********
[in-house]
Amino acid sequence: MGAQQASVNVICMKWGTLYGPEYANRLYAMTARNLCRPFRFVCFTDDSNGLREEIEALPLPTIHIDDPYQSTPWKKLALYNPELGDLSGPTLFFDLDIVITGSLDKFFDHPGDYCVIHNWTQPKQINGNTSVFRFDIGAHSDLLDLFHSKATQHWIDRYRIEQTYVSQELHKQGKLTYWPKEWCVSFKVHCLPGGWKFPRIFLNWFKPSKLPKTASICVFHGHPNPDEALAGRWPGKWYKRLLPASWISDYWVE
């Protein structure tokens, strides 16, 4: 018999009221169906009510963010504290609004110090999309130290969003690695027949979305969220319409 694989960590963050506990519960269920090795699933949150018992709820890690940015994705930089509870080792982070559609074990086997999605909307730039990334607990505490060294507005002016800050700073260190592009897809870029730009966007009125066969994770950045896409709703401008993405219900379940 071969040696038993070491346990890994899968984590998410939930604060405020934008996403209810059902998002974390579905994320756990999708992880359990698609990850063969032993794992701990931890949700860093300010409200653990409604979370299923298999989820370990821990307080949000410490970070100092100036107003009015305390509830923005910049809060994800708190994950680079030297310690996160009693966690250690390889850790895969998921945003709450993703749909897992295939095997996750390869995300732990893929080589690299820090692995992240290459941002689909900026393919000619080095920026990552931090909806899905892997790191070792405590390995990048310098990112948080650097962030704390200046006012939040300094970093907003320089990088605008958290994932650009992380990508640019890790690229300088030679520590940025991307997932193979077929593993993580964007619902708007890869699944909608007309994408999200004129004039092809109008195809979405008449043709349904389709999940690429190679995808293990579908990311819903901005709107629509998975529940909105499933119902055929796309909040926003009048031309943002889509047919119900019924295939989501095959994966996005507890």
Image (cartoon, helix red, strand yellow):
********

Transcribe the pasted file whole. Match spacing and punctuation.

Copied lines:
[in-house]
Amino acid sequence: MGAQQASVNVICMKWGTLYGPEYANRLYAMTARNLCRPFRFVCFTDDSNGLREEIEALPLPTIHIDDPYQSTPWKKLALYNPELGDLSGPTLFFDLDIVITGSLDKFFDHPGDYCVIHNWTQPKQINGNTSVFRFDIGAHSDLLDLFHSKATQHWIDRYRIEQTYVSQELHKQGKLTYWPKEWCVSFKVHCLPGGWKFPRIFLNWFKPSKLPKTASICVFHGHPNPDEALAGRWPGKWYKRLLPASWISDYWVE
């Protein structure tokens, strides 16, 4: 018999009221169906009510963010504290609004110090999309130290969003690695027949979305969220319409 694989960590963050506990519960269920090795699933949150018992709820890690940015994705930089509870080792982070559609074990086997999605909307730039990334607990505490060294507005002016800050700073260190592009897809870029730009966007009125066969994770950045896409709703401008993405219900379940 071969040696038993070491346990890994899968984590998410939930604060405020934008996403209810059902998002974390579905994320756990999708992880359990698609990850063969032993794992701990931890949700860093300010409200653990409604979370299923298999989820370990821990307080949000410490970070100092100036107003009015305390509830923005910049809060994800708190994950680079030297310690996160009693966690250690390889850790895969998921945003709450993703749909897992295939095997996750390869995300732990893929080589690299820090692995992240290459941002689909900026393919000619080095920026990552931090909806899905892997790191070792405590390995990048310098990112948080650097962030704390200046006012939040300094970093907003320089990088605008958290994932650009992380990508640019890790690229300088030679520590940025991307997932193979077929593993993580964007619902708007890869699944909608007309994408999200004129004039092809109008195809979405008449043709349904389709999940690429190679995808293990579908990311819903901005709107629509998975529940909105499933119902055929796309909040926003009048031309943002889509047919119900019924295939989501095959994966996005507890």
Image (cartoon, helix red, strand yellow):